Find unused classes within your app

Reaper detects unused code in your app. It is in a private beta, contact us if you’d like to try it in your app.

Why does dead code detection and deletion matter?

Over time, dead code can accumulate until it starts to take up a real chunk of the app. This can be due to A/B test branches that are no longer used, helper classes for long-deleted features, or all other manner of things. This has the following issues:

  • Increased build time, due to compiling code that won’t be needed
  • Worse code cleanliness, with unused classes polluting the file structure, grep results, etc.
  • Longer startup time, because it will take up extra space in the binary that usually gets loaded from disk (for a deeper dive into how a binary is loaded from disk, see our blog post.

How does Reaper work?

Reaper is an SDK that you can put into your production or alpha users' apps to report which Swift and Objective-C classes were used for each user session. We take those reports and generate a list of all the classes in the binary, for each version of your app. The SDK will detect unused classes within the main binary specifically, not in dynamic frameworks. It's easy to integrate, either as a standalone binary or as a Cocoapod, and adds very little overhead to your app.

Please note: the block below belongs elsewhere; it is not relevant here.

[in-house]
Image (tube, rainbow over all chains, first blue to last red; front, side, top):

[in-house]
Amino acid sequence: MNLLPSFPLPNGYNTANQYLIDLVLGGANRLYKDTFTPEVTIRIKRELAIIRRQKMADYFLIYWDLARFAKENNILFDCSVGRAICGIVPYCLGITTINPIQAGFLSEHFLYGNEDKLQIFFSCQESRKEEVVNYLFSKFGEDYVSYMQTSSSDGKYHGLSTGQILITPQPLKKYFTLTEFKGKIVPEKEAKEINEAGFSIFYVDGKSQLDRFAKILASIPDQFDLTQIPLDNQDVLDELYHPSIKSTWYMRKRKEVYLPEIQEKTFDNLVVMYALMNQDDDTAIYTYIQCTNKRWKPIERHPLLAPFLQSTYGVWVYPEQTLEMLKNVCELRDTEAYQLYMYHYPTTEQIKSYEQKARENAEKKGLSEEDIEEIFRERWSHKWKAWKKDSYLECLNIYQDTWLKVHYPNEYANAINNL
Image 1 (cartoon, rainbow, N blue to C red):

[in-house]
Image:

Reaper supports iOS 15, 16, and 17. It supports all classes written in Objective-C and most classes written in Swift.

Performance Implications

The SDK adds less than 20kb to the binary size, and less than 1ms to startup time. The SDK will not run any code if you don't initialize it at launch. If you do initialize it, the initialization is synchronous so you can measure exactly how long it takes, we expect under 1ms.

The SDK starts running upon receiving UIApplicationDidEnterBackgroundNotification or UIApplicationWillTerminateNotification. This way it doesn't run while the user is interacting with your app. It makes one network request per notification, containing:

  1. List of used classes
  2. App bundle id
  3. App version
  4. Metadata used to identify the request on the Emerge backend

The data in this network request is compressed, and typically under 20kb but the size can vary based on how many used classes there are. The same classes are not uploaded on every notification, each class is uploaded at most once per app launch to save user data.